At 75 miles per hour in one of those places where I-70 belts Ohio farmland, I got this horrible feeling of being watched. It was that kind of feeling that compels you t sit up straight, be more honest (and slow back down to the speed limit). I flashed through the mirrors for a patrol car. Nothing. Then a weird smell came into the car through the air conditioning vents. I went back to that semi-truck in the net lane over. These were the laughing faces behind that evil smell.
It was a semi-truck with a trailer full of goats! The truck had a banner sign saying all kinds of wonderful things about Dalmatia – not that place in troubled Croatia, but the happy little Ville of Dalmatia, PA. These were those naughty full-sized milking goats, not those cute little Nigerian Pigmies that they bring to the petting place at the county fair. With a population of just over 1500, who would have ever thought that someone there would need a whole truckload of horned, wicked goats? Seriously now, as good as it is, how much Sainte-Maure Goat Cheese Feuilleté can someone eat anyway?
When the truck arrives in ever lovely and always sunny Dalmatia, PA, how would someone receive that much evil?
My own experience with receiving a large number of mean-spirited animals in the back of truck isn't very good. My stepfather decided one day that the farm would be a much more productive business if Little Doublewide on the Prairie had 30 old sows for neighbors. These old pigs would live in the gleaming, corrugated-tin sheathed pole barn that he had spent weeks building just for such a purpose.
The sows arrived in the late afternoon. It was getting cold and we hurried to offload all the pigs, give inoculations and medication, feed and water them, and get them into pens of their own. That's when the truck driver said that the other truck would be coming in about an hour or so.
"What truck?" I asked.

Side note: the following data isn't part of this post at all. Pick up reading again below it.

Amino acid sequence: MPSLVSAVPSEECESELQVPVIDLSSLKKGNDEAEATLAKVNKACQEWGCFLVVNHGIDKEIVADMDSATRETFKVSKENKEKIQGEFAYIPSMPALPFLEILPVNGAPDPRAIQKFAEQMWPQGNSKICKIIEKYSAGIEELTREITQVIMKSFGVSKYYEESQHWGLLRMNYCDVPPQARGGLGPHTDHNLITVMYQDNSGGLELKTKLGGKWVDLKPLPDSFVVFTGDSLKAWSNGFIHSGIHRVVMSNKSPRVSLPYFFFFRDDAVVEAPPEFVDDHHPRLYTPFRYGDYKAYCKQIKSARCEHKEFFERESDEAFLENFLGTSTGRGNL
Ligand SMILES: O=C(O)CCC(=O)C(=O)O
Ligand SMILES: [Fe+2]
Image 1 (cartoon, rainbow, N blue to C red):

"You know, the one with all the piglets." The horrible, fuzz-faced delivery man said.
"Hundreds of them."
"How do you which piglets go to which sow?"
"As soon they're off the truck," he said setting another cigarette on fire, "I don't care."
Those piglets turned out to be little squealers that fit perfectly into your hands. So I took one of them out of the truck and showed it to the first sow. She snarled at it and tried to bite the whelping little white Hampshire in my hand. Like humans, pigs come in every size and shape and color. Simple pattern matching would not reunite the piglets with their mothers. Something else was required.
My step dad eventually decided that piglets would be just smart enough to find their own mothers, so he took wire cutters and cut little pet doors in each of the sow's pens. The he released the entire lot of piglets at once. There was squealing. There was oinking. There were even piglets bucking like broncos at the rodeo. It took about fifteen minutes, but all the piglets found their own mothers. It took a little longer for those piglets who tried to trade UP and get a better mother, but in the end peace and harmony reigned as each piglet found his or her own teat and settled in for a meal.
There was an unintended consequence of having those perky pet doors in the sow's pens. The exercise yard my stepfather built for the pigs had food, water and even a couple of things for them to play with in case they were bored with the placid agrarian routine of eat, poop, and reproduce. Unfortunately, the floor was made of dirt and pigs have snouts honed by years of evolution to dig really well. And dig they did, but The Great Pork Jailbreak is a matter for another post.